Rewarding account of a century of dance

Tara Jahn-Werner's Dance puts the history of dance in New Zealand into its proper perspective.

DANCE: The Illustrated History of Dance in New Zealand
Tara Jahn-Werner
Random House, hbk, $69.99

Review by Christina James

The history of dance in New Zealand - that is to say, "classical dance" - has reached the adolescent stage from humble and difficult infancy.

In a country where, for so long, "rugby, racing and beer" seemed to be the cultural norms, dance was dismissed as the pursuit of a tiny minority of effete aesthetes.

Tara Jahn-Werner's magnificent Dance puts that history into its proper perspective, explains that New Zealand has a rich dance history, though brief, and that it has survived largely through the fantastic commitment of a few people, the dedication of innumerable hopeful young girls and boys and the unlimited energy of hundreds of teachers throughout the country.

As a former pupil of Dunedin's Lily Stevens, I was very pleased to see that this great teacher is suitably acknowledged in Dance, and as a former dancer with the Borovansky Ballet, equally pleased to see that its importance in the development of professional dance standards here is also marked.

And no-one interested in dance in this country would ever underestimate the importance of that remarkable man, Poul Gnatt, who founded the Royal New Zealand Ballet in 1953 on little more than fanatical enthusiasm.

But it was a professional company, and from the late 1950s it could claim back to this country to work many of the great talents who had gone overseas for successful international careers.

Dance begins with the period 1900-1928, appropriately enough with a lovely photograph of Anna Pavlova laughing in front of a flock of sheep.

She danced here in 1926, by then well into her 40s, and when Lily Stevens saw her perform in Dunedin she was inspired to take up her career in dance and dance teaching.

However, the Danish dancer Genee, who came here in the early 1900s touring with the Imperial Russian Ballet, made the first great impact on New Zealand enthusiasts for classical ballet.

Touring companies which added New Zealand on to their Australian appearances continued regularly until after the war to whet the appetites of balletomanes and keep our interest alive.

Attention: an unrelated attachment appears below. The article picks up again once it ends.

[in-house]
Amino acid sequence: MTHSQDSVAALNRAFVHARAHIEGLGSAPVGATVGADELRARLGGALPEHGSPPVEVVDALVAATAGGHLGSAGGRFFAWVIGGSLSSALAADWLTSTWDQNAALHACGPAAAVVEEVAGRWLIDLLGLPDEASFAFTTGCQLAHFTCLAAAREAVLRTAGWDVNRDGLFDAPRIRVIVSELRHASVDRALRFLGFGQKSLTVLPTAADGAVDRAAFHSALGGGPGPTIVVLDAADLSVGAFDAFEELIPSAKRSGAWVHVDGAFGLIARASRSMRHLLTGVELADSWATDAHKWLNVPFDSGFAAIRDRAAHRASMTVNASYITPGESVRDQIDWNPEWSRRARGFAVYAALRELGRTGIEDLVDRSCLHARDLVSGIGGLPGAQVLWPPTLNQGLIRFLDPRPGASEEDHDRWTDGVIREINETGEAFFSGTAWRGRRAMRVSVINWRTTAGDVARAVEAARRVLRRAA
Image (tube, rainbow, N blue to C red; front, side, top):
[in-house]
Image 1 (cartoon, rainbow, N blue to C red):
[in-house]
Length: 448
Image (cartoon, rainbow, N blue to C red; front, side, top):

Contemporary dance arrived in the form of the touring Bodenwieser Viennese Ballet in 1947 and 1950, whose principal dancer was that extraordinary Dunedin woman, Shona Dunlop MacTavish.

The Borovansky toured on many more occasions and brought the latest modern ballet as regular programme features, along with the traditional repertoire.

And from 1953 on, we could claim to at last have professional dance established here with all the implications for higher standards and greater opportunity for talent.

When Poul Gnatt came to New Zealand with his wife, touring with the Borovansky, they decided to stay and settle.

And when, in 1953, Gnatt formed the RNZB, it had just four dancers and a pianist, Dorothea Franchi.

From these humble beginnings sprang the company and its many famous names and productions - here lovingly detailed by Jahn-Werner.

But Dance is not just about classical ballet.

The various dance "crazes" are described, such as disco and hip-hop, cultural importations and Maori dance get their proper place, as does ballroom dancing.

Modern or contemporary dance, too, is given its section, with due notice paid to pioneering companies like Limbs and Black Grace, and our best choreographers and their creative energy are well described.

Dance education is covered, and Jahn-Werner's overall conclusion seems to me to be optimistic without being unrealistic.

Realism, after all, has been the anchor for dance companies throughout our brief history, and all too many brave souls have foundered for the lack of it.

But there is now a balance, and financial and state support for dance through sponsorship has been the bridge to success.

Long may it continue.

Dance includes a bibliography, notes, a great many photographs including many priceless historic images, and an excellent index.

It is worthy of a place in every ballet-lover's bookcase.

"Tara Jahn-Werner has created a most rewarding account of a century of dance in New Zealand," writes Russell Kerr in his foreword.

I couldn't agree more.

Christina James is a retired dancer and dance teacher.

 

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